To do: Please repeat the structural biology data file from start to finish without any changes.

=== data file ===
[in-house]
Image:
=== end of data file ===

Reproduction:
[in-house]
Image: